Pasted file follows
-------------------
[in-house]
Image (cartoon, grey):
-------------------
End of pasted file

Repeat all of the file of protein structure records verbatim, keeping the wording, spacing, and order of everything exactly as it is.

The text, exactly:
[in-house]
Image (cartoon, grey):